In a remarkable show of perseverance, he continued to send in letters for another eight years before he was published again. Now a pharmacist, Matthew, 24, and his brother Nathan, 22, who has also begun contributing, indulge in some healthy sibling rivalry. Matthew is currently just pipping his brother in the publication stakes.

Letters that are accurate, factual and topical help a writer get published. Writer Barbara Chapman, for example, always provides references for claims made in her letters and regularly champions the causes of the voiceless in society, such as refugees and domestic violence victims. About seven years ago, after witnessing several disturbing events in adult education where she worked, she received a letter from a senior bureaucrat warning her not to speak publicly. "I was initially intimidated ... but about 12 months later, I reclaimed my voice. And the warning had the reverse effect."

She began writing to the paper more regularly. "Silence is consent, and I couldn't be silent in the face of institutional misconduct. It can be a formidable task to get another perspective out there because of the power imbalance in society, but that is why the Letters page is so important. It is one of the last bastions of democracy and truth."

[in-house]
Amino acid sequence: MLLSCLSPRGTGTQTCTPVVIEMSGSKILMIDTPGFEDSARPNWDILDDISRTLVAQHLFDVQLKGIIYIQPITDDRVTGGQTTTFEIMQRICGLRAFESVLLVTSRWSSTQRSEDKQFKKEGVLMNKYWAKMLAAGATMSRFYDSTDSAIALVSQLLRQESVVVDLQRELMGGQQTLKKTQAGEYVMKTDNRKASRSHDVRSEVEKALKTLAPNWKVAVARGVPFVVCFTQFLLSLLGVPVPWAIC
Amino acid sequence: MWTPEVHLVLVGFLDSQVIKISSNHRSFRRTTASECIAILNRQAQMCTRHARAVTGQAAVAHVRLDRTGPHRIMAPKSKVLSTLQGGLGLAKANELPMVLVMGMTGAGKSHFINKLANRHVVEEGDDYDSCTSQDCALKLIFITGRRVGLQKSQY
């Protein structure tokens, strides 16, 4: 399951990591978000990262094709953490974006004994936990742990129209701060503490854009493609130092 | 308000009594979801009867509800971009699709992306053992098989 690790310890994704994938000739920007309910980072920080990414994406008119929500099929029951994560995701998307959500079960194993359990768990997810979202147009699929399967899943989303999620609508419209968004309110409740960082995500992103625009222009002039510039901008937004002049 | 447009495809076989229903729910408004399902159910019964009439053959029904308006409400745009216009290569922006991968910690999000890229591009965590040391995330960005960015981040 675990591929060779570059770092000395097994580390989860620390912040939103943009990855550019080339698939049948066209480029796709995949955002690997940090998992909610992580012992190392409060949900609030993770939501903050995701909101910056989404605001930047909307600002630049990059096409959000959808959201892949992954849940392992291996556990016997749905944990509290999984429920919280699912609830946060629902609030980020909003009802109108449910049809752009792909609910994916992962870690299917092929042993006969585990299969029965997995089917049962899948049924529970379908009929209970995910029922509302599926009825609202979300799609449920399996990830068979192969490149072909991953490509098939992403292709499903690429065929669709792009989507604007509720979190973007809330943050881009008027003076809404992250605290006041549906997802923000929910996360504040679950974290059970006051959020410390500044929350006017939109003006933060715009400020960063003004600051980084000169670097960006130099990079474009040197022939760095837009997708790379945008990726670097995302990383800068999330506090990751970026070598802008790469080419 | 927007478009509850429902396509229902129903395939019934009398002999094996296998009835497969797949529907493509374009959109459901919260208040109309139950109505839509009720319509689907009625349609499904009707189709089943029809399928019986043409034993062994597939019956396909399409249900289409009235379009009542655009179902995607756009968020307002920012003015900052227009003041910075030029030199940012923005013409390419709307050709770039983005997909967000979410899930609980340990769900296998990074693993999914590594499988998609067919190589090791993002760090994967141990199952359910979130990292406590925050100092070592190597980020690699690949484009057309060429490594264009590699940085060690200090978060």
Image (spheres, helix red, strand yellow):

Some letter writers express frustration with what they see as a perceived bias of the page. They believe that while readership of the newspaper would be evenly split between Coalition and Labor/Green voters, the letters do not reflect this, with a far higher proportion criticising the Coalition than Labor.

However, letters are published in strict proportion to the numbers received on any topic. Recently, for example, The Age received more than 80 letters critical of the Abbott government's male-dominated cabinet, while just over 10 letters backed the new Prime Minister's decision to have just one woman.

Barrister Douglas Potter believes the page falls for party-political campaigning. "People have obviously been given a script with talking points and the writers make those same points. I don't think it is a coincidence that so many letters are published on a certain topic from day to day."